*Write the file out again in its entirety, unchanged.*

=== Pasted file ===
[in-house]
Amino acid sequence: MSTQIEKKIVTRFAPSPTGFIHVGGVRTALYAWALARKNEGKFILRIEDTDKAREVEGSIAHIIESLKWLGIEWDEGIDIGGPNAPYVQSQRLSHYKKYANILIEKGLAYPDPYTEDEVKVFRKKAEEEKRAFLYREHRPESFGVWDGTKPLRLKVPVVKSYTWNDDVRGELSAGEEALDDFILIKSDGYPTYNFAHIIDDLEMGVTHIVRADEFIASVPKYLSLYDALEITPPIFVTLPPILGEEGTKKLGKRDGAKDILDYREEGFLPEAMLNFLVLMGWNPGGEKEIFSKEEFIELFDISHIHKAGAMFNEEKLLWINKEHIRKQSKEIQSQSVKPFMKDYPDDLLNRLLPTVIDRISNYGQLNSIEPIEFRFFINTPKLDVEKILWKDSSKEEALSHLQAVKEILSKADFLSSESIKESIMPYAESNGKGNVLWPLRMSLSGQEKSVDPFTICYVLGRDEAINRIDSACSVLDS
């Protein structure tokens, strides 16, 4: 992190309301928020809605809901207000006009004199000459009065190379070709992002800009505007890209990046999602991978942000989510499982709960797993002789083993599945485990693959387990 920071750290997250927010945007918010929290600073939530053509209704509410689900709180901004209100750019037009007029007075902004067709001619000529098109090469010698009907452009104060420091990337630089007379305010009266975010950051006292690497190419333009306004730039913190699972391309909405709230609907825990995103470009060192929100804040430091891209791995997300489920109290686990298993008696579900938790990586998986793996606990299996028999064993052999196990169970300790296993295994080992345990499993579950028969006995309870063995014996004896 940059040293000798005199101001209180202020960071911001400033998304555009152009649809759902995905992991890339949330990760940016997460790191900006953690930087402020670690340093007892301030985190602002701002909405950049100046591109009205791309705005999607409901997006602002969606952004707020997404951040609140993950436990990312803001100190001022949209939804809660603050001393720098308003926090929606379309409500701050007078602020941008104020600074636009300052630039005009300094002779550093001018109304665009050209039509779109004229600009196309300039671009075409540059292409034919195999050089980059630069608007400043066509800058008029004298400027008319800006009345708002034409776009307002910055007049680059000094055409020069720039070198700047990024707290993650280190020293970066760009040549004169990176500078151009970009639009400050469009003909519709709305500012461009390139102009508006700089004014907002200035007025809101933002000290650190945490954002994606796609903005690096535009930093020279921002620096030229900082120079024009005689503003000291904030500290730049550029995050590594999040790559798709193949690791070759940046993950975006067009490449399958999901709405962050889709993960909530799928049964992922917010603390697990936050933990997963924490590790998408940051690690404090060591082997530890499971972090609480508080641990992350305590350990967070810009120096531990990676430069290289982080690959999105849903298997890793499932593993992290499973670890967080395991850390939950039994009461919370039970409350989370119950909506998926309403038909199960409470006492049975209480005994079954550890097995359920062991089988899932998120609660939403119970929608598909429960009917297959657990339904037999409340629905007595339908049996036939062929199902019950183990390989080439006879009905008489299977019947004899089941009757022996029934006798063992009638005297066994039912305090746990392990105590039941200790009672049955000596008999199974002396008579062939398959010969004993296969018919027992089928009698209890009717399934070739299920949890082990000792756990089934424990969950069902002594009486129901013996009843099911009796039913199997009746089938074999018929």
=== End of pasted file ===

[in-house]
Amino acid sequence: MSTQIEKKIVTRFAPSPTGFIHVGGVRTALYAWALARKNEGKFILRIEDTDKAREVEGSIAHIIESLKWLGIEWDEGIDIGGPNAPYVQSQRLSHYKKYANILIEKGLAYPDPYTEDEVKVFRKKAEEEKRAFLYREHRPESFGVWDGTKPLRLKVPVVKSYTWNDDVRGELSAGEEALDDFILIKSDGYPTYNFAHIIDDLEMGVTHIVRADEFIASVPKYLSLYDALEITPPIFVTLPPILGEEGTKKLGKRDGAKDILDYREEGFLPEAMLNFLVLMGWNPGGEKEIFSKEEFIELFDISHIHKAGAMFNEEKLLWINKEHIRKQSKEIQSQSVKPFMKDYPDDLLNRLLPTVIDRISNYGQLNSIEPIEFRFFINTPKLDVEKILWKDSSKEEALSHLQAVKEILSKADFLSSESIKESIMPYAESNGKGNVLWPLRMSLSGQEKSVDPFTICYVLGRDEAINRIDSACSVLDS
């Protein structure tokens, strides 16, 4: 992190309301928020809605809901207000006009004199000459009065190379070709992002800009505007890209990046999602991978942000989510499982709960797993002789083993599945485990693959387990 920071750290997250927010945007918010929290600073939530053509209704509410689900709180901004209100750019037009007029007075902004067709001619000529098109090469010698009907452009104060420091990337630089007379305010009266975010950051006292690497190419333009306004730039913190699972391309909405709230609907825990995103470009060192929100804040430091891209791995997300489920109290686990298993008696579900938790990586998986793996606990299996028999064993052999196990169970300790296993295994080992345990499993579950028969006995309870063995014996004896 940059040293000798005199101001209180202020960071911001400033998304555009152009649809759902995905992991890339949330990760940016997460790191900006953690930087402020670690340093007892301030985190602002701002909405950049100046591109009205791309705005999607409901997006602002969606952004707020997404951040609140993950436990990312803001100190001022949209939804809660603050001393720098308003926090929606379309409500701050007078602020941008104020600074636009300052630039005009300094002779550093001018109304665009050209039509779109004229600009196309300039671009075409540059292409034919195999050089980059630069608007400043066509800058008029004298400027008319800006009345708002034409776009307002910055007049680059000094055409020069720039070198700047990024707290993650280190020293970066760009040549004169990176500078151009970009639009400050469009003909519709709305500012461009390139102009508006700089004014907002200035007025809101933002000290650190945490954002994606796609903005690096535009930093020279921002620096030229900082120079024009005689503003000291904030500290730049550029995050590594999040790559798709193949690791070759940046993950975006067009490449399958999901709405962050889709993960909530799928049964992922917010603390697990936050933990997963924490590790998408940051690690404090060591082997530890499971972090609480508080641990992350305590350990967070810009120096531990990676430069290289982080690959999105849903298997890793499932593993992290499973670890967080395991850390939950039994009461919370039970409350989370119950909506998926309403038909199960409470006492049975209480005994079954550890097995359920062991089988899932998120609660939403119970929608598909429960009917297959657990339904037999409340629905007595339908049996036939062929199902019950183990390989080439006879009905008489299977019947004899089941009757022996029934006798063992009638005297066994039912305090746990392990105590039941200790009672049955000596008999199974002396008579062939398959010969004993296969018919027992089928009698209890009717399934070739299920949890082990000792756990089934424990969950069902002594009486129901013996009843099911009796039913199997009746089938074999018929």